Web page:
Daniel J. Holden February 20, 2013
According to a 2012 study by Johns Hopkins University School of Medicine, hospital-based shootings are rare, but recent attacks in Mississippi, Pennsylvania, and California—and non-hospital gun violence in places like Colorado and New York—can attest to the number of lives affected by these deadly events. With each devastating occurrence, we ask the same questions: Why did it happen; could we have been better prepared; and how do we prevent it from happening again?
While predicting such events is nearly impossible, being prepared is not. Security experts from the Department of Homeland Security, various law enforcement agencies, and the International Association of Healthcare Security and Safety (IAHSS) have noted some key recommendations to guide hospitals in preparing an Emergency Action Plan (EAP) for an active shooter event.
Conduct an assessment. An independent and realistic security assessment of your location can determine the facility’s possibility for an active shooter. An independent assessment can lend a new perspective to a location’s vulnerabilities.
Identify evacuation routes. Establish variable escape routes, including final destinations once outside, and practice evacuating each route. Multiple routes can help if the shooter is familiar with one. Avoid open spaces where possible, and locations that will trap you such as an elevator.
Prepare a safe hiding place. If evacuation is not possible, train staff to find a place to hide where the shooter is less likely to find them. The best location would have thick walls, few windows, a solid door and reliable communication capabilities such as a telephone, cellular phone reception or a duress alarm button. Instruct employees to lock and block the door with heavy furniture, cover all windows, turn off all lights, silence any electronic devices, lie on the floor and remain silent.
Establish an effective access control system. Limit the number of entrances into the facility and install alarms and cameras on all doors. Consider restricting access to certain areas and educate staff to not prop doors open and to report individuals who enter without credentials.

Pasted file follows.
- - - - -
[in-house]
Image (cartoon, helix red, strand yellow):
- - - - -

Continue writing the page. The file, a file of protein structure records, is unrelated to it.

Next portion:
Maintain facility-wide communication. Real-time communication systems are essential for warning employees, patients and law enforcement of an emergency event. Test the communication capacity regularly and review your contact list to ensure you have included everyone.
Train staff to work with law enforcement. For an effective response and to avoid mistaken identity, instruct employees to follow the instructions of law enforcement implicitly. They should not move too quickly, and keep their hands visible and empty to avoid being perceived as a threat. Remember, law enforcement’s first priority is to neutralize the situation, not to help your staff or anyone else who may be injured.
Use plain speak. To maximize response time, speak to outside response partners such as 9-1-1 operators or law enforcement in plain language. Avoid codes or jargon that only members of your hospital may understand. For example, instead of stating “We have a code silver in the ICU,” state “We have an active shooter in our Intensive Care Unit located on the third floor of our hospital’s west wing.”
Keep it simple. Make sure the plan is easy to understand and follow in an emergency.Quick, effective decisions on the safest course of action could mean the difference between life and death.
Take Action. As a last resort or if your life is in imminent danger because neither evacuating the facility nor seeking shelter is possible, disrupt and/or incapacitate the active shooter by throwing objects, using aggressive force and yelling.
Practice. Practice your plans, correct any deficiencies and practice again. It is extremely important for individuals to be trained so they can react appropriately if confronted with an active shooter situation. Training and education should render responses intuitive.
Stay informed. Draw on the expertise of both your staff and organizations such as the California Hospital Association, Hospital Association of Southern California, International Association of Healthcare Security and Safety, and American Society of Industrial Security. These organizations are sources of free and low-cost best practice materials, trainings and seminars, and practice drills. A recommended resource is the Department of Homeland Security’s IS 907 - Active Shooter: What You Can Do.
- IAHSS: Do Your Part to Prevent Hospital Gun Violence
- Healthcare Facilities, Police Grapple With Prisoner Escapes
- How Not to Handle Forensic Patients
- Healthcare Facility Public Safety-Related Deaths Reached All-Time High in 2012
Daniel J. Holden serves as the Director of Healthcare Services for the Southwest Region of AlliedBarton Security Services where he helps coordinate the development and implementation of security and emergency management programs. He also chairs the Hospital Association of Southern California (HASC) Security and Safety committee and co-wrote the hospital emergency codes to be compliant with the National Incident Management System (NIMS).
- Kelly, Raymond W. Active Shooter Recommendations and Analysis for Risk Mitigation, 2012 Edition. New York Police Department
- Federal Emergency management Agency. Active Shooter: What You Can Do: Instructor Guide, March 2012
- International Association for Healthcare Security and Safety. Security Design Guidelines for Healthcare Practices. 2011.
- U.S. Department of Homeland Security. Active Shooter: How to Respond. October 2008.
Photo: Ed Santos